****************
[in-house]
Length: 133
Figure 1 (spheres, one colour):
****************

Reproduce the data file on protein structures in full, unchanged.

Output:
[in-house]
Length: 133
Figure 1 (spheres, one colour):